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A well-crafted goal is going to be easier to achieve than a “bucket list” aspirational dream.
Goals should be “Specific”
Specific goals give you a clear direction. Think of it in terms of the journalistic 5W/Y. If it’s to publish a book:
- What genre?
- What length?
- How will you release it?
- Will you publish it yourself or submit it for representation and traditional publishing?
Goals should be “Measurable”
If you have no way of measuring your progress toward a goal, it is difficult to see where you may need to adjust your approach until it’s past the deadline you’ve set and you haven’t attained what you hoped to attain.
The bigger the goal, the more you will need to break it down into smaller items to avoid overwhelm and also to keep your schedule.
Goals should be “Actionable”
Your specific, measurable goals should help you create a task list of actions that map your progress toward your goal.
Example: as part of a 120,000 word thriller, you know you need to schedule an editor, and by scheduling an editor you know you will need to finish a manuscript to send them according to their schedule, and you will need to commission a cover, copy writer, etc.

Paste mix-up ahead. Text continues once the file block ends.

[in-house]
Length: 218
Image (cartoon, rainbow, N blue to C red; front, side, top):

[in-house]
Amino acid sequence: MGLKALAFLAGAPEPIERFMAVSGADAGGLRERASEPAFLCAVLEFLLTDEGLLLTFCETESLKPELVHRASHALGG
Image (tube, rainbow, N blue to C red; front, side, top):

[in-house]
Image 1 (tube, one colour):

Follow your production calendar to make sure that you are on track with your goal’s actions.
Goals should be “Relevant” and “Realistic”
The goal needs to be important to you, or why bother? Check in daily and make sure the goal still matters to you or if you need to create a new goal or adjust your goal. Don’t knuckle down to stubbornly finish a goal you no longer desire.
There’s no shame in changing your mind.
You may want to revisit Episode 2: Writer’s Goals, which focuses on knowing your “Why.”
Goals should be “Timed-Based”
If you are adjusting your path, you may need to adjust your production calendar, but otherwise you will follow your attainable schedule to keep on top of the timed elements of your production calendar to stay on track.
Having a deadline allows you to set expectations of whether you are moving toward your goal or not.
If your goal is to publish a book in July, you will need to focus on the goal in order to complete that.
Missing the deadline of a goal, however, does not mean permanent failure, it just means you need to redefine your SMART goal and re-approach.
Determining the timeline of your project may help you decide whether the goal really is “attainable” and “reasonable.”
Bonus Round: Craft your goals in a Positive Way
Focus on being productive in your goal, not on “not procrastinating.”
Think of what you’re going to gain, not what you are denying yourself. Create a daily discipline, don’t tear yourself down with negativity.
It was a quick episode this week, but there’s homework!
Set your 2019 S.M.A.R.T. Goals and let us know what they are!
You can use SMART goals for all aspects of your life. Small wins over time really add up!